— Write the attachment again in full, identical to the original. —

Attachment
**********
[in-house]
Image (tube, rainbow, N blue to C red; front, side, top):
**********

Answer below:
[in-house]
Image (tube, rainbow, N blue to C red; front, side, top):